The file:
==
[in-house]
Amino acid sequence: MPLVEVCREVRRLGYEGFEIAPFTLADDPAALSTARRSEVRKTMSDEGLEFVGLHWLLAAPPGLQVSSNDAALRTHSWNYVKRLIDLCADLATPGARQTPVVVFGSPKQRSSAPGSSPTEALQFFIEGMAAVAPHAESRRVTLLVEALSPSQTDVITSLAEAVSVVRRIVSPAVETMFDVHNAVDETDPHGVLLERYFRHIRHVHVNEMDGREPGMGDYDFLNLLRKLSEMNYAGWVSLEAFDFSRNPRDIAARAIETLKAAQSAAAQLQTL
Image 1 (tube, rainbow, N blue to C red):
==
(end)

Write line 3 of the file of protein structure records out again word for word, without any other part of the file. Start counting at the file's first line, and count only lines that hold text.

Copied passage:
Image 1 (tube, rainbow, N blue to C red):